By way of introduction, Chairman Ray Roberts (D-Tex.) recited bits of his committee colleagues' war records: medals won, wounds suffered, ranks achieved.
His House Veterans' Affairs Committee, Roberts was telling a panel of Army witnesses, is a committee of veterans as well as for veterans.
He introduced Rep. Olin Teague (D-Tex.) with a smile as the most decorated World War II hero next to Audie Murphy. "He's got a great many more decorations than his chest would support," Roberts said. Teague won three Silver Stars, three Bronze Stars and five other medals in World War II.
The reason for creddentialing the members before they questioned Army Secretary Clifford Alexander and his aides was that Roberts and his colleagues who fought in World War II were facing a problem so serious that at one point Roberts told Alexander:
"You're going to destroy our whole military system."
The threat is the Defense Department's special discharge review program, instigated by President Carter to upgrade discharges of some Vietnam-era veterans.
Time and time again the congressmen asked why Vietnam-era veterans should be treated differently, and over and over Alexander and Paul D. Phillips, deputy assistant secretary of the Army for manpower and reserve affairs, waffled.
While Alexander's role was to defend the Carter plan, he ducked several invitations by the committee to explain just why Vietnam veterans should be treated differently than veterans of other wars. He also declined to criticize the discharge procedures used during the Vietnam period, even though Carter administration officials have called those procedures capricious.
Only Col. William Weber, a one-armed veteran who is deputy head of the Army's discharge review board council, addressed the "specialness" of Vietnam that Carter believed required his special program.
"No one is getting a free ride," Weber said. "Some of them were victimized and not the perpetrators." He said the Pentagon hopes "those who are disadvantaged by bad discharges and got their discharges in error" will apply for review.
"What's the difference between the Vietnam war, the Korean war and World War II? They're all bad wars," said Rep. G. V. (Sonny) Montgomery (D-Miss.,) the only committee member who was a general.
It seemed that the World War II generation of congressmen, most of whom were in Congress throughout the Vietnam war, agreed with Montgomery that there was no difference.
Rep James Abnor (R.S.D.) mentioned that some people said Vietnam was a bad, even immoral war, but he didn't venture his opinion of such people. The matter seemed Irrelevant.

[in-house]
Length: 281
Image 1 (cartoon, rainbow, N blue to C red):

Rep. John P. Murtha (D-Pa.) is not a member of the Veterans' Committee and wasn't there yesterday, but last Wednesday he told colleagues on the House floor what he perceived made Vietnam different. Said Murtha, who thinks he is the only House member who saw ground combat in Vietnam:
"There was tremendous criticism at home, and many of the men slinked back home, ashamed to wear their uniforms. They were embarrassed to admit they served in Vietnam.
". . . The people from World War II and Korea came home as heroes and the men from Vietnam came back and felt they were not heroes."
Alexander quoted Carter's explanation that the special discharge program was meant to help end the divisiveness of the Vietnam era, but several members of the Special Oversight Committee formed to consider denying veterans' benefits to participants in the Carter program remarked that it opens old wounds rather than heals them.
Although the special committee is considering the benefits question, seven members made their views known last Wednesday when they joined the majority in a 273 to 136 vote approving an amendment forbidding such benefits.
Roberts and the others made clear yesterday they haven't changed their minds. If the Vietnam veterans with bad discharges -- even only those who received wounds or served one successful Vietnam tour before getting into trouble -- are upgraded the future of the military would be threatened, several congressmen argued.
"A man would have to be insane to go to war," Roberts said, if he knew that he could skip the country and in a few years be forgiven.